There is increasing evidence that pre-eclampsia, a principal cause of maternal morbidity, may also be a risk factor for future cardiovascular and cerebrovascular events. This review aimed to assess the current evidence and quantify the risks of cardiovascular disease (CVD), cerebrovascular events and hypertension associated with prior diagnosis of pre-eclampsia. Medline and Embase were searched with no language restrictions, as were core journals and reference lists from reviews up until January 2012. Case–control and cohort studies which reported cardiovascular and cerebrovascular diseases or hypertension diagnosed more than 6 weeks postpartum, in women who had a history of pre-eclampsia relative to women who had unaffected pregnancies, were included. Fifty articles were included in the systematic review and 43 in the meta-analysis. Women with a history of pre-eclampsia or eclampsia were at significantly increased odds of fatal or diagnosed CVD [odds ratio (OR) = 2.28, 95 % confidence interval (CI): 1.87, 2.78], cerebrovascular disease (OR = 1.76, 95 % CI 1.43, 2.21) and hypertension [relative risk (RR) = 3.13, 95 % CI 2.51, 3.89]. Among pre-eclamptic women, pre-term delivery was not associated with an increased risk of a future cardiovascular event (RR = 1.32, 95 % CI 0.79, 2.22). Women diagnosed with pre-eclampsia are at increased risk of future cardiovascular or cerebrovascular events, with an estimated doubling of odds compared to unaffected women. This has implications for the follow-up of all women who experience pre-eclampsia, not just those who deliver pre-term. This association may reflect shared common risk factors for both pre-eclampsia and cardiovascular and cerebrovascular disease.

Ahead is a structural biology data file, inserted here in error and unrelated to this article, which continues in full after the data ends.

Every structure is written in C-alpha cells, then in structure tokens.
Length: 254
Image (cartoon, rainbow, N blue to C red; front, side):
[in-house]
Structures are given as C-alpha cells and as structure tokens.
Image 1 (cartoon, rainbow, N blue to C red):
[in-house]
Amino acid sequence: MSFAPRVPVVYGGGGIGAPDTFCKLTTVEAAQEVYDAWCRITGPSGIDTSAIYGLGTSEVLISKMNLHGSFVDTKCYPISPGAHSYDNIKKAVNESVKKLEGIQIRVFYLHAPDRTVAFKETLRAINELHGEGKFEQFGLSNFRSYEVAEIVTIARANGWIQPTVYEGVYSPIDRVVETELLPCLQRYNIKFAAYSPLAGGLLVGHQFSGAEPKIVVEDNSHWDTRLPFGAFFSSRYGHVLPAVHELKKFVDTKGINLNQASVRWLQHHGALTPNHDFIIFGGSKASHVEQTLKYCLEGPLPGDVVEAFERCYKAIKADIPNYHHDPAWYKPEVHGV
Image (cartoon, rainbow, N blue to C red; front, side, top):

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This research is funded by Newcastle upon Tyne Hospitals NHS Foundation Trust.
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Brown, M.C., Best, K.E., Pearce, M.S. et al. Cardiovascular disease risk in women with pre-eclampsia: systematic review and meta-analysis. Eur J Epidemiol 28, 1–19 (2013). https://doi.org/10.1007/s10654-013-9762-6
- Cardiovascular disease
- Cerebrovascular disease